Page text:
A legal case brought by a 79-year-old French-Vietnamese woman against US firms that manufactured the highly toxic herbicidal cocktail known as Agent Orange, massively employed by US forces during the Vietnam War, causing deaths, diseases and malformations of those exposed to the chemical, has been dismissed by a French court on the grounds that the companies were acting 'on the orders' of the US government, which was engaged in a 'sovereign act'.
German pharmaceuticals and chemicals company Bayer has distanced itself from practices alleged in French media reports that US firm Monsanto, which it bought last year for 63 billion dollars, built up a file of some 200 names including journalists and lawmakers in the hope of influencing their positions on pesticides, and notably its weed-killing product Roundup, a systemic, broad-spectrum glyphosate-based herbicide which US courts have found is responsible for causing cancers.
French cereal farmer Paul François, 55, has won a decade-long legal battle against US biotech firm Monsanto, now owned by German group Bayer, after a court in Lyon ruled that he was poisoned and left with chronic neurological disorders after accidentally inhaling a Monsanto weedkiller, Lasso, because the company had not sufficiently warned of the danger of the product, which contained monochlorobenzene.
A court in Lyon has ruled that safety risks were not properly taken into account when a version of Bayer's weedkiller Roundup, Pro 360, which contains the suspected carcinogen glyphosate, was allowed to go on sale in 2017, prompting its removal from sale across France.
French environment minister Nicolas Hulot has applauded a Californian court judgment which found agrochemical giant Monsanto did not warn of the serious health risks of using its herbicide Roundup, ordering it to pay nearly $290 million to a school groundskeeper who developed terminal cancer after using the product, adding that he hoped the ruling 'corrects the indifference of politicians' over the dangers of the weedkiller's key compound glyphosate.
Glyphosate, the compound used in the herbicide Roundup manufactured by US agrochemical corporation Monsanto, which earlier this month was acquired by German pharmaceuticals and chemicals giant Bayer, is suspected by several scientific studies of being carcinogenic, and notably of causing non-Hodgkin lymphoma. But now a French couple have launched a lawsuit against the firm over serious malformations of their son’s digestive and respiratory systems which they argue was caused by his mother’s exposure to glyphosate in the early weeks of pregnancy. Crucially, they say that Monsanto knew of the compound’s potential dangers, but failed to warn of them in product labelling. Dorothée Moisan reports.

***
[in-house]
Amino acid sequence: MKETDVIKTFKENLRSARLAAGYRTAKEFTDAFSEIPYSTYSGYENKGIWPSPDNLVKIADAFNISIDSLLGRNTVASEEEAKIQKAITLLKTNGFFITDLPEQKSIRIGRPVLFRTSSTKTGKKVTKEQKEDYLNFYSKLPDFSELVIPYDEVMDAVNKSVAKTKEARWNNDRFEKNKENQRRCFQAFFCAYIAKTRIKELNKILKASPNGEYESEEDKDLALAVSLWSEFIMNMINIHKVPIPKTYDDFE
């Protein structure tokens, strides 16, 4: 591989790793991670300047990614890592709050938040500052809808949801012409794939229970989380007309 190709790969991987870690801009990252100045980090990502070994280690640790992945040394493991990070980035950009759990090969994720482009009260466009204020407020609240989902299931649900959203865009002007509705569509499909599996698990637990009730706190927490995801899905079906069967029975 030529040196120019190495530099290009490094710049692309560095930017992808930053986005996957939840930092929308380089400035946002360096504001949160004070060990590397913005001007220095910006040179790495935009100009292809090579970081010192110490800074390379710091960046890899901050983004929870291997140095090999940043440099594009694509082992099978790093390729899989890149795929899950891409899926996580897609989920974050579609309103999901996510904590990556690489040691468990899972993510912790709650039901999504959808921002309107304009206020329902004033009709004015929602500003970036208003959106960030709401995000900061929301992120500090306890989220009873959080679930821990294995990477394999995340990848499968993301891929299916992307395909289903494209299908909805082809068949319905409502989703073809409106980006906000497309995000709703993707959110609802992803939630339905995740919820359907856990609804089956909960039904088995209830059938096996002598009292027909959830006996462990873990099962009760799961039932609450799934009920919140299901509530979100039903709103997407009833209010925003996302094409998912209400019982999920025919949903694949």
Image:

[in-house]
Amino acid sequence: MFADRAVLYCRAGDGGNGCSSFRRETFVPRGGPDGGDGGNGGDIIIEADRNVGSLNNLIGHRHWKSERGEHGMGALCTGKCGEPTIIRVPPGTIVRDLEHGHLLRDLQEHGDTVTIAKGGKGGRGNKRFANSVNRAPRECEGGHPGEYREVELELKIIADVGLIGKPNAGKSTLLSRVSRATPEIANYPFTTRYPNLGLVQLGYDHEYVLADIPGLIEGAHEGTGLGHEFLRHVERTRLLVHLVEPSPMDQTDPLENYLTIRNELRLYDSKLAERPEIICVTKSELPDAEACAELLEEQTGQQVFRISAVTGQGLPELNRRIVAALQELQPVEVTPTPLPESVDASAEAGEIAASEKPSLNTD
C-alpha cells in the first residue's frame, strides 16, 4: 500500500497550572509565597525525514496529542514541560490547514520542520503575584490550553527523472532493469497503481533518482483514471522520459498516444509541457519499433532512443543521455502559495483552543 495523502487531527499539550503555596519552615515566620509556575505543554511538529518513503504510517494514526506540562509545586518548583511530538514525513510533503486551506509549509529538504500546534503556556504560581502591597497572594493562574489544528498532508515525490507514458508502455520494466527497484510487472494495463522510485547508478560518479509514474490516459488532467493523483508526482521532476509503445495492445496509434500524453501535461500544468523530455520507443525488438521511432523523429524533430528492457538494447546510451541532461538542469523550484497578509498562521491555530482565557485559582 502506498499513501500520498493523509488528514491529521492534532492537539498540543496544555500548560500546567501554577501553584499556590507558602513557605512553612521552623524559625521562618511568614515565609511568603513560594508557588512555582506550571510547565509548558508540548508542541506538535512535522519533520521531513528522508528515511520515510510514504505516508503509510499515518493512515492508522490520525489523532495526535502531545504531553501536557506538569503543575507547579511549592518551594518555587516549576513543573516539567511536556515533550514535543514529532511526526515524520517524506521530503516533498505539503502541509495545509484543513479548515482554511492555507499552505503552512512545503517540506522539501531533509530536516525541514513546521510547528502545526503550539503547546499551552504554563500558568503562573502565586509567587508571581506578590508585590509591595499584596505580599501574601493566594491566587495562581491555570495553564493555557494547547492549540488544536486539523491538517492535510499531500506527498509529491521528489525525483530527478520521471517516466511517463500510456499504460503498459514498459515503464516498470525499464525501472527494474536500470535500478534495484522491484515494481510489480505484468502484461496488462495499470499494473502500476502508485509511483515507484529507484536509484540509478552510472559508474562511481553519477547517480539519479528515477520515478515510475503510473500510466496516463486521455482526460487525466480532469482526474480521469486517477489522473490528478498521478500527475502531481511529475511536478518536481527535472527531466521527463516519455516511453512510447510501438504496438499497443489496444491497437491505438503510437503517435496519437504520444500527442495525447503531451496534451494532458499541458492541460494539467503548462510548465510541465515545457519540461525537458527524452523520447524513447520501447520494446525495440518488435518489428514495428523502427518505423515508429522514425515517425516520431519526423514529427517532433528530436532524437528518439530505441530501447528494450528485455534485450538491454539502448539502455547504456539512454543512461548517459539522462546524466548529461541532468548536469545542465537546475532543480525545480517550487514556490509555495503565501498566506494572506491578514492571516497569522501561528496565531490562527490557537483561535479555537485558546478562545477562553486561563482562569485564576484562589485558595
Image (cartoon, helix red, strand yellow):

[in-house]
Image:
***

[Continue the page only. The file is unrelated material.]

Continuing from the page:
Last month, French cereal farmer Paul François, 47, won a lengthy legal battle against US biotech giant Monsanto in a landmark ruling by a court in Lyon that could open a floodgate of complaints by farmers for chemical poisoning. François was found to have become severely handicapped as a direct result of his contamination by Lasso, a powerful herbicide produced by Monsanto. France is Europe’s biggest user, by volume, of pesticides, and worldwide only India and the United States use more. For François and other campaigners seeking to alert farmers to the dangers of chemical-based phytosanitary products, their battle targets not only the clout of the industrial lobby and a reluctance of the medical profession to recognise the illnesses caused by pesticides, but also a silent taboo among the farming community itself. Claire Le Nestour reports.